Research management and funding
ESC - Efficient Stream Computing by Fitting Computations to Cores
Details
Start date: 01/09/2017
End date: 31/08/2021
Description
tream Computing has been introduced as a paradigm in Cloud Computing and Big Data to emphasise the streaming nature of modern computing applications. Such applications typically pull multiple streams of data and process these under real-time constraints. Recently heterogeneous architectures have been introduced (DSPs, GPUs) to process parts of the workload. The need for such solutions stems from the need to achieve better cost-effectiveness at the given real-time constraints. One of the main metrics of effectiveness is energy costs, which for cloud systems are becoming the major long-term cost. A recent analysis on the web-site SemiAccurate based on numbers from PayPal claims that the move from x86 to ARM/TI/DSPs has resulted in a 9x reduction in acquisition costs, 2x reduction in power consumption per year, and a 7x increase in node density per rack, while keeping the performance the same. Thus for the particular application the use of heterogeneous embedded cores would seem to be very advantageous.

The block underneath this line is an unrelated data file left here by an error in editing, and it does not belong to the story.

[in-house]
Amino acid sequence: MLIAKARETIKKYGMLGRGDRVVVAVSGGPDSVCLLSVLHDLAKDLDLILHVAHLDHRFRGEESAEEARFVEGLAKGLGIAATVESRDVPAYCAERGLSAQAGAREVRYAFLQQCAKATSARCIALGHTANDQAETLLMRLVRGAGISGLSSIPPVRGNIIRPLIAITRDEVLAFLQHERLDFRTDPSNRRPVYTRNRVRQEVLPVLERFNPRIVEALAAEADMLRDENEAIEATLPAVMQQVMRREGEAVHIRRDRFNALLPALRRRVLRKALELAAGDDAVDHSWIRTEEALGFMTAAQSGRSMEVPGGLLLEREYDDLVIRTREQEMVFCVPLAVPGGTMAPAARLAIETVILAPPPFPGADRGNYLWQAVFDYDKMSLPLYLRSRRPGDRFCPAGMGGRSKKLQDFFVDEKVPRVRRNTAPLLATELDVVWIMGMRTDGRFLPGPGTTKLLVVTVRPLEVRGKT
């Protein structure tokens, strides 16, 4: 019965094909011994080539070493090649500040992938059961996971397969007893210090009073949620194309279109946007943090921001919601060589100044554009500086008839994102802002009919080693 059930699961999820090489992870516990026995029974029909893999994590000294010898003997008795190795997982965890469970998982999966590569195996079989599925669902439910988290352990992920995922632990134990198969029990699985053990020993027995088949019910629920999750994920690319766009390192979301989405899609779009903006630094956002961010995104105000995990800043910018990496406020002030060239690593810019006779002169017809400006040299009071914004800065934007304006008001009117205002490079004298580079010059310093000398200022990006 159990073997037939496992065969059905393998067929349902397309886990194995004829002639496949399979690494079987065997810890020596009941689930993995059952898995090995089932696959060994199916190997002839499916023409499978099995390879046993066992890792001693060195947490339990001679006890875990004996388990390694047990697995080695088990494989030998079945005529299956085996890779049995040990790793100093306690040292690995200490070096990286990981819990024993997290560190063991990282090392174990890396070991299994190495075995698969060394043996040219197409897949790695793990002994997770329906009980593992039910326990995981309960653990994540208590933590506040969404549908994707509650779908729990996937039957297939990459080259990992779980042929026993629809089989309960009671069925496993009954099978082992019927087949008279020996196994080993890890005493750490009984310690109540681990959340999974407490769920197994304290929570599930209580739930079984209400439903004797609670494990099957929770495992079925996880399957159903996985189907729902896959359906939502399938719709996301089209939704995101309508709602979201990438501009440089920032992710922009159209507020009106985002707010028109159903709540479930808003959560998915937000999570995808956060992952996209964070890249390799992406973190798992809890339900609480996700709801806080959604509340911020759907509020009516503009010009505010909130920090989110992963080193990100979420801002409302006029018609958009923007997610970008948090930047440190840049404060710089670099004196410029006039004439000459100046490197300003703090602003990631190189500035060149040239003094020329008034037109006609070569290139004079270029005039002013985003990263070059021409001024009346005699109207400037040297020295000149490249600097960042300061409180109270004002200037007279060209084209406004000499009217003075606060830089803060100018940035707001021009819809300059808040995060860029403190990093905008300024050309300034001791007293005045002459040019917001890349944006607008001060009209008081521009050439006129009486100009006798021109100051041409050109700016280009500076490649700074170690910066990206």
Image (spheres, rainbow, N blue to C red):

In heterogeneous architectures more energy-efficient specialized compute-units are used for parts of the computations. The design problem then amounts to finding a good decomposition of the problem into tasks and then map the tasks onto the heterogenous architecture to achieve minimal energy consumption at a given performance level. How this mapping should be done, and what parameters influence it (task granularity, memory architecture, processor architecture) is still an open research question in the embedded area.
The ESC project tries to address this mapping problem by introducing the notion of Fitness. Fitness should characterise how much of the micro-architecture the task is able to exploit. A good Fitness between software and microarchitecture means that the overheads of the core are low, while for a bad Fitness the overheads are high. This intuitively corresponds to the idea that a memory bound task fits better and ARM processor than an x86 core, since the task is not able to utilize the complex microarchitecture of the x86.
The goal of the ESC project is to propose a metric for deciding how well an application fits an architecture (a Fitness metric) and a design methodology that supports the use of the metric at different levels of abstractions in the system. We believe that a successful solution of these problems will enable faster design of more energy-efficient Stream Computing Systems.

Last updated on 2017-08-07 at 15:02